Sunday, May 28, 2017

Detours to a Championship

I was asked an interesting question the other day.  Which player on this roster was I most happy to see win a WHL Championship?  Heck, I'm happy for all of them.  Every player put in the hard work to get the chance to lift the Ed Chynoweth Cup.  Everyone of them, at some point this season, did something to help win a regular season game or a playoff series. 

There are a couple of obvious answers such as every player on this year's roster who was on last season's club and felt the sting of the loss in the 2016 Championship Series to Brandon.  You never know if you'll get another chance and for many of them, another chance would be their last chance at the Cup.   So, I'm happy for those players who got a second opportunity and reached the goal they fell just short of last season.

Scott Eansor would be another obvious answer.  For every highly ranked bantam pick that leads their team to glory, there are hundreds more like Eansor.  His junior hockey story is a tale many players endure, more the norm then the exception.  Overlooked in the Bantam Draft, overlooked because of his size and overlooked because he didn't play much as a 16 year old following hip surgery.  He was a player given a chance and he made the most of it.   He earned a roster spot with Seattle, he claimed a spot with Team USA at last year's World Juniors in Helsinki, winning a bronze medal and so far, has earned two NHL camp invites.  Back when I was growing up in the '70s, they would have turned his story into an Afternoon Special on TV. 

But then I got to thinking about four players who took a number of detours to arrive with the Thunderbirds, some unwanted or unneeded by other teams until fate stepped in and sent them our way. They all became integral parts of Seattle's road to the title, not necessarily driving the bus but certainly they all had a hand in keeping the wheels turning. 

First and foremost is Tyler Adams.  Late this past preseason, Seattle had acquired 19 year old Layne Bensmiller from Prince Albert in the Nic Holowko trade.  But just seven games into his Thunderbirds career Bensmiller came up lame and eventually had to shut it down.  Two months into the season and all of a sudden Seattle was missing an older depth player for their third or fourth line.

T-birds management felt that lack of a veteran player on that fourth line was holding them back, especially with Mat Barzal and Alexander True about to leave the team for World Juniors and Keegan Kolesar just returning after a six week layoff following surgery.

Meanwhile out in Saskatchewan, the Swift Current Broncos were under the direction of a new coach, Manny Viveiros.  Viveiros wanted to give more ice time to some of his younger players.  That meant less ice was available for the 19 year old Adams, who despite being an older player on the Broncos roster, was only in his second WHL season.  It's not a new phenomenon when a new coach comes in.  Sometimes returning role players just don't fit the new coach's system or the coach and player don't see eye to eye on how best the players should be used.   After a solid rookie season, Adams was on the outs in Speedy Creek.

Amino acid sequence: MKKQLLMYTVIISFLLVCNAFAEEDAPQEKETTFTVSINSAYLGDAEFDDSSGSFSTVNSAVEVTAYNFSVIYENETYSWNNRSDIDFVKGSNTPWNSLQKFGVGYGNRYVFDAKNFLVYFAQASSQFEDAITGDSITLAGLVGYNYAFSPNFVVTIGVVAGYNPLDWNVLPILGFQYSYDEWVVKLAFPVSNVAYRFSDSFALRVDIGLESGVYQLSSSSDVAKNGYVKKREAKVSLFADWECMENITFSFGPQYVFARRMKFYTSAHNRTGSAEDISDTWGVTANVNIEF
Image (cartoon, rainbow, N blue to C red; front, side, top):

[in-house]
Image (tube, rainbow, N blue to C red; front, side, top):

So, on December 14th, with two games left before the Christmas break,  T-birds General Manager Russ Farwell, looking for some seasoned depth,  sent little used 17 year old forward Mackenzie Wight to Swift Current in exchange for Adams, who just wanted a chance to play.  It ended up being one of those deals between player and team that becomes a perfect fit.  In his first game as a T-bird, Adams quickly ingratiated himself with his new teammates and the ShoWare Center crowd, dropping the gloves with Prince George's Kody McDonald.  The next night he was all over the ice, delivering big hits and winning battles along the boards and being named the game's third star as Seattle blanked Tri-City, 3-0. 

Because of all the second half injuries to Seattle's forward lines, Adams rarely played on the T-birds fourth line, which was the intention when they acquired him.  But even without those injuries, his hard work earned him a more permanent spot on the third line, though at times he saw action on both the second and first lines as well.  He topped it off by getting to hoist the Chynoweth Cup in his home town of Regina, in a building he had been to many times as a kid watching his hometown Pats. 

If you ask him he'll probably tell you coming to Seattle was meant to be.  As we waited for the team bus outside the WFCU Centre after Seattle's loss to Saint John that ended their Memorial Cup in Windsor he thanked me for all the good things I had said about him during the broadcasts.  He said he found his hockey home with the T-birds and you could see on his face how genuinely grateful he was for the opportunity.  He went from being in hockey limbo in Swift Current to being a WHL Champion with Seattle. 

For that to happen, so many things had to fall in place.  Nic Holowko, wanting more ice time in Seattle had to ask for a trade.  He did.  Seattle had to accommodate that request which they did, sending him to Prince Albert for Bensmiller.  Then Bensmiller had to suffer an injury, one that he couldn't heal from, ending his season, which happened.  If any of that never happens Adams most likely never becomes a T-bird.  Pretty nice that the hockey gods aligned perfectly for Adams.

From Regina, to Swift Current to Seattle to lifting the Cup in Regina because of a trade request, an injury and a coach who didn't need him.

Before Farwell made the move for Adams, he made another under-the-radar trade in October with the Spokane Chiefs.  Seattle knew they would be losing young, rookie goaltender Carl Stankowski for two weeks in early November to the U-17 Hockey Challenge.  Outside of Stankowski and Rylan Toth, the T-birds had no signed goalies in their system, having just dealt Ryan Gilchrist to Lethbridge.  In need of a goalie to back up Toth for a few weeks Farwell sent a conditional 9th round draft pick to Spokane for 18 year old Matt Berlin.